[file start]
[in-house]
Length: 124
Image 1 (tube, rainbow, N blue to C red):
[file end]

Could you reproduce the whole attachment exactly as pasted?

[in-house]
Length: 124
Image 1 (tube, rainbow, N blue to C red):